Here's more proof that both the "fiscal cliff" and the "emergency" deficit talks surrounding it are a fraud: They include two issues that don't belong in a deficit discussion at all. One's Social Security, which is forbidden by law from contributing to the national deficit.
The other is the scam known as tax "reform" and "tax code simplification" -- which, in plain English, means a lowering of top tax rates for millionaires and billionaires -- supposedly in return for reduced "tax expenditures" and increased "tax revenues" to be named at a later date.
Why would deficit talks include two ideas that won't reduce the national debt, especially when "tax simplification" will undoubtedly increase that debt substantially? That's an easy one: Because this phony "crisis" has nothing to do with deficits.
It's all part of a long-range plan to scam the public into transferring even more of its wealth to the wealthiest among us: first by giving them lower tax rates, and then by cutting a program the public has already paid into. That way there'll be less pressure to increases taxes on the wealthy later on. (They may also want to raid Social Security's trust fund to pay for the deficits caused by their tax breaks.)
These "deficit" moves would transfer even more of our national treasure to the extremely rich -- including those on Wall Street who created our economic crisis in the first place. That, and not a "fiscal cliff," is what's "looming."
The Phony-Crisis Industry
In the past the President has sometimes seemed willing, even eager, to press for a larger "Grand Bargain." He's taking a tougher line today, especially about taxes on the wealthy, and should be applauded for that. He should also be urged to take an equally strong position on Medicare and Social Security, which he hasn't done yet.
Everyone involved needs to understand that, thanks to some new fiscal and electoral math, the anti-austerity team is holding the winning hand now.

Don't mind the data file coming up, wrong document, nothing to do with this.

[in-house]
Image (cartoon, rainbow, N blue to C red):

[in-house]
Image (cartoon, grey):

It's true that a tougher Presidential stand would disappoint some people, especially the highly-paid professional "deficit hawks" from both parties. That includes people like former Clinton White House functionary Erskine Bowles, who ghoulishly described this artificial crisis as a "magic moment" to impose austerity measures on the American people.
Bowles is a director of bailed-out investment bank Morgan Stanley. That means that, unlike most Americans, he would do very well under the lower tax rates proposed in these "deficit" discussions.
A repudiation of this pseudo-crisis would also embarrass professional scaremongers like Douglas Holtz-Eakin, who warned of "big financial market repercussions" if the nation goes over the "cliff." But we haven't seen any repercussions before.
The word for talk like that is "nonsense." (Well, that's one word for it.) Nobody's going over any "cliff," least of all the Republicans.
Let's be clear: It would be a bad thing if the provisions in this bill took effect for any length of time. But it's time to call Boehner's bluff. Good Democrats can't let themselves be railroaded into austerity by this phony crisis, while the other kind -- the Erskine Bowles Democrats -- shouldn't be allowed to use it as cover.
Boehner knows he's in a weak position, which is why Republicans have quietly been looking for ways to delay the "cliff." Democrats should take note of that and recognize the motives behind it.
The President should go on television and say to Congress: If you won't accept the will of the people, undo your reckless law. Democrats on the Hill should insist on up-or-down votes for provisions that the public wants. This charade won't stop until the GOP's bluff is called.
Boehner insists that Congressional Republicans, along with everybody else, are standing on a "cliff." It's time somebody dared them to jump.